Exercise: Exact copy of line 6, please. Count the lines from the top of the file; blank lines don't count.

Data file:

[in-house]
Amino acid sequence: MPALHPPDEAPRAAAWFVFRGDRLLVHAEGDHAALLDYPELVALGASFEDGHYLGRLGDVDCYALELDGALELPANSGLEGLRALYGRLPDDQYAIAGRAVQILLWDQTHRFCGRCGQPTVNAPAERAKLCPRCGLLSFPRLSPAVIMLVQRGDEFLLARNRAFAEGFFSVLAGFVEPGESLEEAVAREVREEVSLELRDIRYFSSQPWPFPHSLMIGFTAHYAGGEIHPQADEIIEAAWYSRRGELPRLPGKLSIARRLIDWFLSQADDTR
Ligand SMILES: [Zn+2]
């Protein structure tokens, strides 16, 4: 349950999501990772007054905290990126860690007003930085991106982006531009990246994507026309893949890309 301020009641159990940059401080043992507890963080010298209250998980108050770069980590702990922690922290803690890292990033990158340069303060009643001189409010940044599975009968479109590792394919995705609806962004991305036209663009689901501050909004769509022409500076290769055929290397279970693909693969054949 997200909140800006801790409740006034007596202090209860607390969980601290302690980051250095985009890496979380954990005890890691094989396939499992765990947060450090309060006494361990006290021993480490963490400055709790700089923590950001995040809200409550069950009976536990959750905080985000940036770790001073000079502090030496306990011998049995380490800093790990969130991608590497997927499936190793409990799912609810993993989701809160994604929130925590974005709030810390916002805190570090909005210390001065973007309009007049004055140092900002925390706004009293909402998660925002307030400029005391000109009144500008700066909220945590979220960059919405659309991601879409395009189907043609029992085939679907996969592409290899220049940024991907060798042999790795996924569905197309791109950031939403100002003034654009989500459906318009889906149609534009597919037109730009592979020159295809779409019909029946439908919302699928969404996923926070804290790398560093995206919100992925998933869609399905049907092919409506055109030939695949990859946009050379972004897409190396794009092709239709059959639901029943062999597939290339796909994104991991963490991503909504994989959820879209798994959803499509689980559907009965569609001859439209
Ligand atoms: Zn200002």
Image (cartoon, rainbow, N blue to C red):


Image (cartoon, rainbow, N blue to C red):